Minorities piqued with ID cards
The new scheme will make scapegoats out of Britain's ethnic minorities, reports Nabanita Sircar.india Updated: Mar 14, 2006 18:56 IST
Civil liberty campaigners and representatives of ethnic minority communities from across the UK expressed outrage at Home Secretary Charles Clarke's recent comments on ID cards, which sought to justify the scheme in a way that would they believe, inevitably scapegoat members of Britain's ethnic minorities.
Phil Booth, NO2ID's national coordinator, said, "How does Clarke expect to have a 'massive impact on illegal immigration' with ID cards unless he is promising a country where anyone who might be foreign is subject to continual intrusive ID checks?
"The experience of Paris just a few months ago shows the sort of social upheaval and civilian backlash he can expect if the Government proceeds down this path."
Lord Navnit Dholakia, Liberal Democrat Spokesperson for Home Affairs, was more forceful, "It is deeply disturbing to see the Government make such an emotional appeal to prejudice. Yet again, Government's rhetoric and unsubstantiated claims on immigration and asylum will only add to alienation and fuel tensions within ethnic minority communities across Britain.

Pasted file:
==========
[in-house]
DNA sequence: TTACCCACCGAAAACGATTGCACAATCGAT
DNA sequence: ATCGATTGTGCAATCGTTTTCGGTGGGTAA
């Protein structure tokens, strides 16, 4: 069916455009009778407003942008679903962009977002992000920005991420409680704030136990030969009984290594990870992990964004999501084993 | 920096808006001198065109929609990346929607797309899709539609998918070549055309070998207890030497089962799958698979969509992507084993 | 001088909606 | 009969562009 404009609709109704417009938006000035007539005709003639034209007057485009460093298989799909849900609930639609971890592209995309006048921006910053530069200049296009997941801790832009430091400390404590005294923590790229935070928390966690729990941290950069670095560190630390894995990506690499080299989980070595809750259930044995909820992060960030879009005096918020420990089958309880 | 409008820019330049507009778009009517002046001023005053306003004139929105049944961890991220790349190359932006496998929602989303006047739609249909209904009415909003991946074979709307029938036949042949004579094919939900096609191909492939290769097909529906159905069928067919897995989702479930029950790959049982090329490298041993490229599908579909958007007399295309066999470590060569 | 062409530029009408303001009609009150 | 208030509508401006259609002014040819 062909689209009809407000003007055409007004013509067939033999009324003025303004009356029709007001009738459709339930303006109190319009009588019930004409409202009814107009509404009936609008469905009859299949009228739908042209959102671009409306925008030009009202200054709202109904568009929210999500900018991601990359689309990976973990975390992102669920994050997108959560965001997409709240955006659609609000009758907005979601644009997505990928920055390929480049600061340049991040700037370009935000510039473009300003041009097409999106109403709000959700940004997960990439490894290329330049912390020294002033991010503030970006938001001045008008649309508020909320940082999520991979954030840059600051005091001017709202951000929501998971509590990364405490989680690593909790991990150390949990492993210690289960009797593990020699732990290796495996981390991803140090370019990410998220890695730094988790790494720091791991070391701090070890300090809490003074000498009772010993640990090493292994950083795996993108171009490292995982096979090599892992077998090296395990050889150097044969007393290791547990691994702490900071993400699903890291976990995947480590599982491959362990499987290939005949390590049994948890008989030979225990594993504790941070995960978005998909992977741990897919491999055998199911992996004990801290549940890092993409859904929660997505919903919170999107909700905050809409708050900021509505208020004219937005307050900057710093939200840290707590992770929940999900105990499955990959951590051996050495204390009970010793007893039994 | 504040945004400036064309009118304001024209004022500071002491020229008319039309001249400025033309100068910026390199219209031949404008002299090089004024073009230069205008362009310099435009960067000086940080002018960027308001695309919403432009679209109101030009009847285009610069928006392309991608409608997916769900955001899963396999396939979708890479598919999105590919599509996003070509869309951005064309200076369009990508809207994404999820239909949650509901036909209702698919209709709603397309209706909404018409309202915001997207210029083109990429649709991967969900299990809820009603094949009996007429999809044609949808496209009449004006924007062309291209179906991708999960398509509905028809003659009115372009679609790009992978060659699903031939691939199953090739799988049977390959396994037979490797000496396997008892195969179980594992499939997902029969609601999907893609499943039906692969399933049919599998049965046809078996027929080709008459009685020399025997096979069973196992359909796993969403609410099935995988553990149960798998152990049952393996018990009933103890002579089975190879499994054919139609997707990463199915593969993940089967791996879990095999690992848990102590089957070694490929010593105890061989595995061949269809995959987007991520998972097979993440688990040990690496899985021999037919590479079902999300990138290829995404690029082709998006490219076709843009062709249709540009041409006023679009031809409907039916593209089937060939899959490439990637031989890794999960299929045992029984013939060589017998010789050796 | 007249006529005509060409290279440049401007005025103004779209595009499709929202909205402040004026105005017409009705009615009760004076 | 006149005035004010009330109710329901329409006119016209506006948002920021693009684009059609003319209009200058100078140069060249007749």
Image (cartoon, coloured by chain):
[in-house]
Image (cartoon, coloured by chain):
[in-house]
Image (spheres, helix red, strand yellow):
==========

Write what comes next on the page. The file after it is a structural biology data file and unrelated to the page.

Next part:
"If the new points system is to be administered through a compulsory ID card system, what assurances can be given that this legislation will not unduly prejudice British Muslims or other visible ethnic minorities in the workplace and out on the street?"
Milena Buyum, co-ordinator of the National Assembly Against Racism said, "It is deeply misleading for government to re-introduce the tired argument about ID cards as a defence against so-called 'illegal immigration', especially when the cards will have no bearing on people entering the country.
"Instead of whipping up fears based on racism and prejudice, the government should abandon this untested, unpopular scheme."
Asad Rehman, chair of Newham Monitoring Project, pointed out that Clarke had been at the forefront at the erosion of "our civil liberties having presided over detention without trial, shoot to kill policies, rendition flights and the use of evidence obtained by torture".
"So it comes as little surprise that he plays the race card in a last desperate attempt to win public support for the hugely unpopular ID card scheme. We hold no doubt that ID cards will further institutionalise Islamophobia and herald a return to the bad old days of the SUS laws."
First Published: Mar 14, 2006 18:56 IST